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In the wake of the COVID-19 epidemic, faculty across the country have turned on a dime to teach, do committee work and mentor their students -- all on screens. Students are stressed about their classes and jobs and feeling a mix of emotions about leaving their campuses. Amid all the confusions and hassles, one element of academic life persists more or less unchanged: evaluation.
Students won’t get the experiences in the classroom or on campus that they signed up for, but they will get grades. If they’re lucky, their faculty and administrations are permitting flexibility with grading, including offering professors the sensible options of pass/fail or credit/no credit. Columbia University and other institutions are applying this policy universally, so that students are not faced with having to decide for themselves and risk being penalized for their choice down the line.
The evaluation process for faculty members coming up for tenure or reappointment is a murkier area. The Twitterverse came alive several weeks ago with calls to extend tenure clocks, and some universities, including Ohio State, rapidly announced yearlong extensions. Recently, 34 learned societies endorsed a strong statement by the American Sociological Association calling for the review and adjustment of faculty evaluation practices in light of the disruptions caused by COVID-19. The Modern Language Association has called for institutions to “pause the tenure clocks of junior faculty members” during this unprecedented crisis.
But are extensions the best we can do? As Andrew Sullivan recently wrote in New York magazine, COVID-19, like all crises, is shedding bright light on the weaknesses and the strengths of our social fabric. It will open up habits of thinking and action that we previously thought impossible.
COVID-19 has vividly focused our energies on the key question of how to connect with learners -- in the first instance, our students. What if we also think critically about other audiences of learners: Ourselves as scholars and the broader public, and about how our connections with these audiences can shape what we most value about scholarship and what work we choose to reward?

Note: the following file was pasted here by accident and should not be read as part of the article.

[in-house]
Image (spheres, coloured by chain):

Consider an assistant professor in a humanities department coming up for tenure two years from now, in spring 2022. Like most of her peers, she is revising her dissertation for publication. After two years in different visiting assistant professorships, she is now in her fourth year on the tenure track. This means her first book derives from work she filed six years ago on the basis of research she began two years before that. The topic was already feeling a little stale as she worked on the manuscript last summer, but there’s no stopping the clock. Per standard guidelines, summer 2020 is the last period available to finish the book and submit it for publication in time for her tenure review.
The book is important to her and will answer questions of real significance in her discipline. She wonders, though, if it would reach more readers as a tightly argued essay with links to online data. At times she envies her colleagues in the sciences who are given the flexibility to circulate and debate results in real time; they seem immune from the anxiety-ridden isolation she associates with research and writing. These concerns are harder to ignore in the throes of rapid change and uncertainty into which universities and their faculties have been thrust by COVID-19.
Meanwhile, the online teaching she undertook in a spirit of resistance has turned out to be an exhilarating challenge and revealed new possibilities for creating and circulating knowledge. Upon learning that her local public library has created an online lecture series to replace in-person public readings, she sees how her specialized expertise might advance the library’s effort to help readers understand literary genres and the ways they influence popular art forms. But as she considers pitching a lecture, using new angles in material she once thought held no more surprises, she feels guilty about spending spare time on anything but completing her book.